Think You Have Changed Your Domicile out of New York? Think Again!


New York Tax Authorities Continue Aggressive Stance on Residency Rules!



New Yorkers continue to move out of the state for tax breaks, better business climates, or warmer weather, impacting income tax collections for NY. NYS Department of Taxation and Finance (NYS DTF) continues to aggressively pursue individuals who may still be subject to NY taxation.


Understanding the different ways in which NYS could tax an individual is crucial to mitigate undue exposure to NYS and possibly even NYC taxation. The two primary ways in which NY could tax an individual are (1) as a domiciliary of NY, and (2) as a statutory resident of NY. There is much confusion that occurs between the two. Let’s set things straight!


Domicile Test

To show a change in domicile, the taxpayer must show the intent to move his domicile and satisfy five primary factors by clear and convincing evidence. The five factors are: (1) Home; (2) Active Business Involvement; (3) Time Spent; (4) Family Connections; and (5) Items Near and Dear. With these five factors, NYS is comparing each in the old domicile state versus the new domicile state, to gather whether the taxpayer has severed enough ties to NY.


The Home factor compares the nature and use of the residence held in each state, as well as the taxpayer’s connections to the community in the new domicile and the location of important events and holidays.


The Active Business Involvement factor looks to whether the taxpayer has an active role in the day-to-day operations of a NY business.


The Time Spent factor is often confounded with the day count requirement for the Statutory Residency test which will be discussed next. With this factor, NYS DTF compares the time spent in NY with the time spent in the new domicile only, looking for a significant change in the taxpayer’s lifestyle pattern. 


Family Connections usually inquires as to the location of the taxpayer, spouse, and any minor children, with an inquiry as to where the minor children attend school. Most recently, NYS DTF has begun to question the location of immediate family (i.e., grandchildren, parents, siblings).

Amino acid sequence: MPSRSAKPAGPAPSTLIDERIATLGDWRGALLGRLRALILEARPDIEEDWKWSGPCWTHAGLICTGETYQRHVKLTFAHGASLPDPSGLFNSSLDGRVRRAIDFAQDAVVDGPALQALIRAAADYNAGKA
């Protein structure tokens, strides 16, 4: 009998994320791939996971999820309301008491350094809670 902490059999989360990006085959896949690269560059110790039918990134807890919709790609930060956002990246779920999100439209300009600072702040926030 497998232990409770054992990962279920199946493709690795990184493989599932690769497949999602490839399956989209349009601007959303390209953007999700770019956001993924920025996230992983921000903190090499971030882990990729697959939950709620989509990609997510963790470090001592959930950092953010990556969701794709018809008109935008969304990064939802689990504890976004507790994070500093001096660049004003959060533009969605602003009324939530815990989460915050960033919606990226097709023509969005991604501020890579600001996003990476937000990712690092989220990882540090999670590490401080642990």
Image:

The Items Near and Dear factor asks for the location of those items of sentimental or monetary significance to the taxpayer, such as family heirlooms, photos, wine collections, artwork, and jewelry.


Other factors, while not determinative in a change of domicile matter, should be considered. Changing one’s driver’s license, registering the car, and voting in the new domicile state are all examples.


Statutory Residency Test


Despite satisfying the domicile test, an individual may still be taxed as a NY resident under the Statutory Residency Test.


A statutory resident is a nonresident who maintains a permanent place of abode (“PPA”) in NY for substantially all of the year, AND spends more than 183 days of the tax year in NY. Again, statutory residents subject their worldwide income to taxation in NY. If the PPA is located in one of the five boroughs of NYC, then worldwide income may be subject to NYC tax as well.



A permanent place of abode must be habitable for year-round use and maintained for substantially all of the year which, for tax years 2022 and forward, equates to 10 months or more. Placing the property in a trust or in a family member’s name will not remove you from the first part of the test. In fact, NYS DTF will analyze whether you have a residential interest in the abode, which essentially asks if you have unfettered access to the residence and if you keep your personal effects there.


In most cases, any part of a day spent in NY is considered a NY day. There are limited exceptions for travel through the state and inpatient medical care. Keeping contemporaneous records such as day count apps, cell phone records, calendars/diaries, travel documents, and credit card statements is key. The burden of proof is on the taxpayer to show his whereabouts on any given day by clear and convincing evidence – a very high standard! 


Key Takeaway


Do not fail to plan. The residency rules of NY are complex, and a misstep could result in undesired consequences. Consulting with a knowledgeable and experienced tax professional regarding the tax implications of moving out of NY or maintaining a second residence in NY, along with keeping detailed contemporaneous records, is key to avoiding a messy and costly audit process. 


For more information contact:

Marisa Friedrich

Senior Counsel

Tax Controversy Group

Chaves Perlowitz Luftig LLP

W. 212-223-5704


This subject is very important especially for our clients who own or are considering purchasing a pied-a-terre. Please let us know if you have any questions. 


Warm regards,

The Stacey Froelich Team

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